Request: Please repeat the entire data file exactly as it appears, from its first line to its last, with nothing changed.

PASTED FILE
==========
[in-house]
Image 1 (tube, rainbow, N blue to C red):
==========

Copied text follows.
[in-house]
Image 1 (tube, rainbow, N blue to C red):